Now, he was in Daytona when he heard about an island on the east coast. He told James Edmundson Ingraham and Joseph R. Parrott to make arrangements to see the island, so they took a boat and buckboard to an island off the lower east coast. Flagler decided to buy that island, which today is Palm Beach. He then built the Royal Poinciana and bought the Palm Beach Inn, changing the name to The Breakers. He now had the two hotels in Palm Beach and extended the railway opening in Palm Beach in 1894, and he decided he was done expanding the line.
How did he get to Miami, then?
Well, there was a couple who lived about 65 miles south of Palm Beach begging him to extend their railway. Their names were William and Mary Brickell. They offered half of their holdings south of the Miami River if Flagler agreed to expand the railway to Biscayne Bay. Flagler was pretty much uninterested. But from December 1894 through February 1895, we had the most horrific freezes in Florida history. Those freezes wiped out all of the citrus owned by a fellow named William Burdine in Polk County. That made him want to go into retail, and that’s how Burdines was founded. But that’s neither here nor there.
So another woman named Julia Tuttle sent Flagler a telegram boasting that the region around the shores of Biscayne Bay was untouched by the freezes. The telegram read: “Please come and see.”
Flagler sent Ingraham and Parrott, who were amazed. Everything was destroyed from about Palm Beach to about the line of Broward County, but everything south of Broward was still growing. Ingraham and Parrot brought back a truck full of citrus, which was enough to convince Flagler. He sent a telegram to Ms. Tuttle, which read, “Madam, what is it that you propose?”
Tuttle asked him to extend his railroad to the shores of Biscayne Bay. If he obliged, she offered half of her holdings north of the river and 50 acres for shops and yards, provided that Flagler build one of his great hotels. This was in addition to the land already promised by Mr. and Mrs. Brickell. Flagler agreed and extended the railroad to Miami. He also built the great Royal Palms, which was the first great hotel in Miami. The Florida East Coast Railway arrived on the shores of Biscayne Bay in 1895. Today, the Florida East Coast Railway is the oldest business still in existence in Miami-Dade County. No other business has survived for 119 years.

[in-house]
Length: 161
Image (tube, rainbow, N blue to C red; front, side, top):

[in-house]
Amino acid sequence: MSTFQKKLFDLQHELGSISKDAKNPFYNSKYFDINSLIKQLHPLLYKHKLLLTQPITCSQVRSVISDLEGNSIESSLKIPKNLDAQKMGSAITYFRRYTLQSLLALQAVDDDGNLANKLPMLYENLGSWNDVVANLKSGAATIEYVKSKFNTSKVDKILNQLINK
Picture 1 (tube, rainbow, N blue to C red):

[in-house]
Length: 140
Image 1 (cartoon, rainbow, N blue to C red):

Did it stop in Miami?
Flagler intended to build a great deepwater port by Cape Sable but was not to able build a railway across the Everglades. Instead, he decided to extend the railroad to Key West. On Jan. 22, 1912, Flagler arrived on his own train, own rails, own railway in Key West, and it was a great celebration. The Florida East Coast Railway remains the single most important transportation entity and the east coast of Florida.
What’s the weirdest thing that’s happened on the FEC railway?
I think one of the most unusual pieces of history is that the Atlantic Coast Line Railroad, which was our partner in the 1935 to 1936 winter season, operated the only swimming pool ever to be installed on a passenger train in America. They ran it for one season between New York and Miami on the Florida special. Though I have actual written references, so we know it existed, I’ve never seen a photograph of the pool inside the passenger car. Apparently, they took a baggage car, filled it with warm water, and at every stop they had to refill the pool with warm water. It was really more of an oversized bathtub.
All photographs courtesy The Bramson Archive, Myrna and Seth Bramson Collection.
This post has been updated to correct the spelling of Ormond Beach.